If you’re like most entrepreneurs out there, you don’t get much downtime. ‘Kick back and relax’ is as unfamiliar a saying as ‘Jy krap met ń kort stokkie aan ń groot leeu se bal’ (look that one up, you might want to add it to your phrase repertoire). You eat, sleep and breathe work; everything else comes second in line – kids, partners, friends and even your health.


Our brains are forever switched on, with 84% of business owners working more than 40 hours per week, and 63% of business owners working more than 50 hours per week with only 1 ½ hours of uninterrupted, highly productive time each day (according to The Alternative Board). One and a half hours of uninterrupted work a day, and still working more than 50 hours a week? When you put it like that, anyone would think going into business for yourself is pure lunacy. 


But whadda ya know. Here we are, running businesses, like lunatics.


Small business ownership is hard, and sometimes it completely takes over your life. That’s not always a bad thing, with 84% of business owners saying they’d still become a small business owner if they had to do it all over again. Even if you adore what you do, there will be plenty of moments where you’ll wonder what the hell’s the point, why can’t you grow the cajones to fire that horrible client, why don’t you just get a regular job, why’s your hair turning grey so fast, why doesn’t your family  recognise you anymore…


Even when you’re not working, your mind wanders back to business – worry after worry, deadline after deadline. You can’t enjoy the little things because your cashflow and your employees and your suppliers have invaded your life in ways you could never have imagined. You might (guiltily) allow yourself a few precious hours or days away from the business grind, only to find yourself obsessively checking emails, researching competition and pretty much working as much as usual. Can’t…shut…off. Need…help. Sound familiar?


With work-related mental health issues and business-owner burnout on the rise, how can we make sure we don’t completely lose our marbles while chasing the entrepreneurial dream?


One surefire way to make sure burnout doesn’t get the better of you is to not let your business seep so deeply into your personal life. If you’re a passionate business owner, giving yourself a break doesn’t come naturally, so you’ll need to open yourself up to doing things a different way, and then practise, practise, practise to get this separation thing right.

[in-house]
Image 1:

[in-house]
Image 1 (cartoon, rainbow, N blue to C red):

Here are 7 practical tips to help you obtain the work/life balance your mind and body need, and steer clear of business-owner burnout for good.



Stop Feeling Guilty


I’ll be the first to admit that until recently, the main reason I wasn’t scheduling any ‘me’ time was the dreaded G word: guilt. I was convinced my employees would wonder where I am and question my work ethic. I worried my colleagues would think I haven’t been doing enough to grow the business. I felt pressure from everyone and everything to be available at all times, like I needed to prove that I was a committed business owner. It was mentally exhausting and wasn’t the way I wanted to live my life.


If you feel the same, it takes a conscious effort – and lots of practise – to get into the mindframe that not only should you put work away, but you deserve to put work away. Always remember what you’ve sacrificed to start and run your business: your personal savings, time with your family, your health and probably lots more to boot.



Know When to Say No


I’m guilty of it, you’re guilty of it, we’re all guilty of being ‘yes’ people. If you’ve ever found yourself up at 2am, working on a project for a client because they forgot to get you the necessary information on time and they neeeeed it done by tomorrow, you’ve said yes when you probably shouldn’t have. 


If you’ve taken on a new client because you’re desperate to grow, but you know deep down that the client isn’t a good fit for you and will eventually make you question your entire life, you’ve said yes when you probably shouldn’t have. 


Both of the scenarios above usually lead to clients getting used to your ‘yes’ service, and will milk it for more, and more, and more, making it impossible for you to unblur the lines between work and personal time. Rather than have to deal with the messes later on, learn to say no (diplomatically, of course) up front.



Make Evenings Yours


Accept that your business and your personal life are entirely different entities with different interests, and they’ll get along so much better if they spend some healthy time apart (kinda like most relationships). Once you’ve agreed that your business needs to spend the night on the sofa, you’re on the right track. 


Turn off your laptop by dinnertime, and I mean off-off. Get stuck into a hobby, or spend quality time with your family. Organise the pantry. Play a boardgame. Tempted to check your emails or post on LinkedIn while lying in bed? Charge your phone in a different room and replace your screen time with a good book (no, your company’s P&L does not count as a novel).